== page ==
• Publication
    Safer heterosex: perspectives from young men in Ireland
    Background: Existing research indicates that large numbers of people do not consistently use condoms when embarking on sexual relationships and instead use unreliable social cues to determine whether a potential partner is likely to have a sexually transmissible infection. This article reports on an aspect of the first major piece of qualitative research that explored young people's perspectives on sexuality in Ireland, and focuses Oil how young men made sense of risk when it came to sexual behaviour. Methods: Seventeen focus group interviews (collectively comprising 124 young men) were conducted with male secondary school pupils in Ireland, whose ages ranged from 14 to 19 years. Results: The data are structured around three themes that capture how study participants made sense of sexual safety. These themes are: (i) rumour, local hearsay and 'knowing' a potential partner; (ii) the social construction of the 'slut' category; and (iii) women as 'bearers of disease'. Young women in the young men's social group tended to acquire a specific sexual identity, not necessarily through any definitive evidence of their sexual history, but rather through their normative behaviours - dress, presentation, appearance and so forth. It was on this basis that the sexual status of a young woman was judged. Conclusions: Based on participants' accounts, we conclude that notions of safer sex are not merely established in individual discussions between a couple embarking on a sexual relationship, but rather are produced discursively in the wider social setting beyond the sexual encounter
      319Scopus© Citations 11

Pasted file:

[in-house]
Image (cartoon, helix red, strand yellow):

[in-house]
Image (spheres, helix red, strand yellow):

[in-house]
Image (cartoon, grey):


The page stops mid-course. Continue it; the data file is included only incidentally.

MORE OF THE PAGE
• Publication
    Young men's vulnerability in constituting hegemonic masculinity in sexual relations
    This article reports on a qualitative analysis of theThis article reports on a qualitative analysis of the accounts of young men on their experiences of heterosexual encounters. Based on data collected in Ireland using 17 focus groups with 124 young men aged between 14 and 19 years (a subsection of a wider study), the manner in which intricate peer groupmechanisms acted as surveillance strategies in regulating the young men toward presenting themselves in ways consistent with hegemonic manifestations of masculinity is explored. However, there were also elements of resistance to such a culture in the way in which sexual pleasure for some young men was derived relationally through giving pleasure rather than merely through mechanical, emotionally detached sexual acts that characterize hegemonic masculinity. In emphasizing male vulnerabilities such as uncertainty, fear, and rejection in the realm of sexuality, it is proposed that one must not lose sight of the broader context of male sexual dominance for which, as data indicate, men themselves pay a price.
      641Scopus© Citations 38
  • Publication
    Masculinities and young men's sex education needs: problematising client centred health promotion approaches